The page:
Wherever I’m writing, cats find me. Thirteen floors up in a newly built, almost empty apartment block in fabulous Tbilisi, Georgia. A cat comes a wandering. A house by the sea, near a village in Tobago, a cat sleeks in after dusk. In Lamu Town, on Lamu, an amazing island off the coast of Kenya, a town almost owned by cats – they come almost hourly.
I am well trained. I offer bribery (quality food, thoughtfully placed strokes, a quiet place to sleep). Cats bring presence, fur, persistence for selective attention – and of course, swagger. Tail high in. Tail high out.
In a Cape Town apartment the tabby belonged to a neighbour below. On Lamu, with an open roof to the house, any cat would come and go (gingers, tux, mix, you name it). I was on feline patrol routes, but one made it home, a young tabby mix. In Tobago, a tortoiseshell youngster would come for an evening feed and nap before returning to the black, black Cassurina-whispered night. My second place in Tobago had a resident calico, Kitty. The dog was called Puppy. The parrot was not called Birdie.
It's been a long time since I’ve had my own cats. Travel and circumstances haven’t allowed. So these, and friends’ cats, and strangers on the street (usually also high-tailed), are my company. My first actual cat was a black cat called Blue because I couldn’t pronounce Baloo from Jungle Book. The second, Tootsie, a young tabby, didn’t adjust to moving to a rural environment (the asbestos hut around the back of a stately home in the book’s author bio), so she was returned to city life in Leeds. A puppy came next, Cass – a golden sheepdog through being a rough collie/border collie cross – clever, feisty, loyal doesn’t do her justice.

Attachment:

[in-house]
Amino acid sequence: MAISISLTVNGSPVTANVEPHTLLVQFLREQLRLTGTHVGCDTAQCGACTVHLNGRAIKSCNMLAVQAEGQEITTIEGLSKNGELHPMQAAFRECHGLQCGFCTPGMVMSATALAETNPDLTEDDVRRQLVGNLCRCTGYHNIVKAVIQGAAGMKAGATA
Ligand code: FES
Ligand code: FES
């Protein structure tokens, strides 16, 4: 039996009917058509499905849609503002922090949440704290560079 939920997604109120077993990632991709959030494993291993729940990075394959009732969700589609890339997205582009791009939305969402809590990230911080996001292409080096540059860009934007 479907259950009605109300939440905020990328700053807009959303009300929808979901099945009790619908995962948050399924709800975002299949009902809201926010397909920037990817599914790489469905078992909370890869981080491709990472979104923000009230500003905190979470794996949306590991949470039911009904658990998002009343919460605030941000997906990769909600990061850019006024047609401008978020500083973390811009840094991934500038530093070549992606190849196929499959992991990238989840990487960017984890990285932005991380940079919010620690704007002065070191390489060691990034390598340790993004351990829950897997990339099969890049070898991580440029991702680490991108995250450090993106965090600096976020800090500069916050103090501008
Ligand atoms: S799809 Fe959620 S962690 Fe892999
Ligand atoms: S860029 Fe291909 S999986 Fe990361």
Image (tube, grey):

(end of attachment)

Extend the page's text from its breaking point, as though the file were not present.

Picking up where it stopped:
Years later, came Oscar, a grey-smoke Persian rescue, who arrived shaved and unhappy. He spent the first month on the sofa tops avoiding an uninterested Cass, but was a wonderful cat, if never likely to join Mensa.
A cat who could join Mensa (if they have a section for deviants) was Dottie/Bonkers, a genetically deaf white cat we thought wouldn’t last two-minutes because of her fierce independence and traffic doing what traffic does. 20 teeth-sinking, vacuum-riding, howling for anything, stroke-me-or-else, years later she was still at it all until the end.
Spice – Tobago
Kitty – Tobago
Tabby visitor in Lamu, Kenya
Cape Town visitor
Oscar the rescue